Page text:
EU bins security contract, annoys Libya
The EU foreign service has cancelled a €10 million contract with British security firm G4S in a minor diplomatic dispute with Libya.
A spokeswoman for the European External Action Service (EEAS) told EUobserver on Tuesday (29 May) that the deal - for guarding its embassies in Benghazi and Tripoli for the next four years - is in the bin.
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For its part, the post-war authority in Libya, the National Transitional Council (NTC), said in a statement on Saturday that "this company [G4S] ... will not receive a licence to operate inside Libyan territory" and that its staff "will not obtain visas to enter or work in Libya."
Its harsh words came after the EEAS signed the contract back in April without first asking them for permission to bring in the armed guards.
The EU body at the time said it did not need a permit. But the NTC's ambassador to the EU said it did.
A G4S spokesman told this website: "We are disappointed that the Libyan authorities have not seen fit to give G4S the authority to offer security services in the country in time for us to support the EU delegation."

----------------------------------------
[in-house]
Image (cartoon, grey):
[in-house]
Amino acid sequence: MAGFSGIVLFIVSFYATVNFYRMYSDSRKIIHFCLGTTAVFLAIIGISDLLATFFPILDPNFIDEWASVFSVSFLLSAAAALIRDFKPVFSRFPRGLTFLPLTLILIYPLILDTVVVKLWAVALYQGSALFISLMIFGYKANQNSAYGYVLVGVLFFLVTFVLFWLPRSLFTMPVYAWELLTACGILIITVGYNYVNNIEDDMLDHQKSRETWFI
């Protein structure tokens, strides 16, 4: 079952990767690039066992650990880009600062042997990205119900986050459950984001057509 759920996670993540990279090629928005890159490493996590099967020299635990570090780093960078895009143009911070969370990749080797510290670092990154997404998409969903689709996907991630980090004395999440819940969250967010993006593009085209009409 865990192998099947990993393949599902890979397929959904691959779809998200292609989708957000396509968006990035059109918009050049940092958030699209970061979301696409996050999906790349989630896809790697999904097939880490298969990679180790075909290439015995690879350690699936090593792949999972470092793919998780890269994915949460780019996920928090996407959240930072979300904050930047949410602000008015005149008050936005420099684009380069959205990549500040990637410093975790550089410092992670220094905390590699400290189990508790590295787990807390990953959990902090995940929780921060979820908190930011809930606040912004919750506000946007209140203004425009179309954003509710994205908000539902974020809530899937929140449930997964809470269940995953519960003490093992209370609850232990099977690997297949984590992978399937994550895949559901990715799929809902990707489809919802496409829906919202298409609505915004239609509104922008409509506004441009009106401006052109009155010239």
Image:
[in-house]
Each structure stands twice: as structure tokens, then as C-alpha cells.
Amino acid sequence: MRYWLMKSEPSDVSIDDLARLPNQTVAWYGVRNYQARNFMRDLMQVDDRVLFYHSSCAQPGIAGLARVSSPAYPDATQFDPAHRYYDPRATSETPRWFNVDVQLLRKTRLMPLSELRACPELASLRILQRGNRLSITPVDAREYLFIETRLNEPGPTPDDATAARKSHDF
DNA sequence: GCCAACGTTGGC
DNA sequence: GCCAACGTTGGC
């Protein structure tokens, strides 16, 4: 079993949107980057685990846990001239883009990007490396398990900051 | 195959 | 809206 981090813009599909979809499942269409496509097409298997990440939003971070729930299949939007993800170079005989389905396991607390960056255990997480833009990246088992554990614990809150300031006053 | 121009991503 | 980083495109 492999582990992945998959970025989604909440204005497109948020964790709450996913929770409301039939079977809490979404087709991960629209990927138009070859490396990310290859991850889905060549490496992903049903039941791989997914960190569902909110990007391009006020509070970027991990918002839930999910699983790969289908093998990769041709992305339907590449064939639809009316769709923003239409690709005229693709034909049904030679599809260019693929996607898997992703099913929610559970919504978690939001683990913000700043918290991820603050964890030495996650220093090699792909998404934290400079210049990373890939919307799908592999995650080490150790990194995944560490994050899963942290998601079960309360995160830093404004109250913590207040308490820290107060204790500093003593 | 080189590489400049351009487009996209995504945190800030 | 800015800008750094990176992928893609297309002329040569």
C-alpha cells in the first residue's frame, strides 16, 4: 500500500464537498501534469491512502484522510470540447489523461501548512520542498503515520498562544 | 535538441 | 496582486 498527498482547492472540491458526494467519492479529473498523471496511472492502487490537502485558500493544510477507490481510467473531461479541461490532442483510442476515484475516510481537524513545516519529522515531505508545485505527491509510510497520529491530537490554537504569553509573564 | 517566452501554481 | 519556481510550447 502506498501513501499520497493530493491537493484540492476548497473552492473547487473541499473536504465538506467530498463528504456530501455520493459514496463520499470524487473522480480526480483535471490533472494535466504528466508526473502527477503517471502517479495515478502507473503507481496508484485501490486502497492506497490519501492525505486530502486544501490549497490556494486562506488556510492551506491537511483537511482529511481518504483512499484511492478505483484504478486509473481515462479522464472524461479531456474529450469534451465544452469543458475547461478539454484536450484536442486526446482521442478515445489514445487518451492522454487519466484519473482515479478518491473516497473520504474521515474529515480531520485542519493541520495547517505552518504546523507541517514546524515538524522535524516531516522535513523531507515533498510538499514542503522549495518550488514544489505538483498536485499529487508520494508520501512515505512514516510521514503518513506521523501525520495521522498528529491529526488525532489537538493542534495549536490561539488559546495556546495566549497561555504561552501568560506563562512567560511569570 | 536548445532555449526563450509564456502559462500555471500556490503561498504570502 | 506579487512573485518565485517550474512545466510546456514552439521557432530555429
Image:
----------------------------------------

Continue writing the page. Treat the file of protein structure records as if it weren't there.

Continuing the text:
EUobserver understands that the EU's anti-fraud office, Olaf, is also looking into the case.
Olaf declined to confirm or deny the information, citing house rules on confidentiality. But the G4S deal aroused suspicion among competitors that British officials in the EEAS gave preferential treatment to the British company.
Apart from annoying the NTC, the G4S deal ran counter to the EU's own tender specifications - EU tender documents had stipulated that the winner must show "evidence" that they have a Libyan permit "before signature of the specific contract."
At the same time, EU officials believe that information was leaked to press for financial gain.
The mess means that Hungarian-based security company Argus is likely to do the Libya job from 1 June onward instead.
Argus came second in the tender. It already has NTC permission and is already working for the EEAS in Libya under an interim agreement.
G4S is the largest private security firm in the world, with a turnover of €9.4 billion a year and 657,000 staff.
It currently does security for the EEAS, the European Commission and the EU Council buildings in Brussels.
It is also cultivating influence in EU diplomatic circles - in January, it hired the former British ambassador to Libya, Richard Northern, as an "advisor" tasked to "support business growth in Libya."
The Libya problem means the EU will come under extra scrutiny when it awards a new €50 million contract for Afghanistan security in coming months. Contracts for Jordan, Israel/Palestine, Lebanon and Sudan are also coming up for grabs.